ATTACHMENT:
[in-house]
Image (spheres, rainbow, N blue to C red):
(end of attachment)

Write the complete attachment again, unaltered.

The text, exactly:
[in-house]
Image (spheres, rainbow, N blue to C red):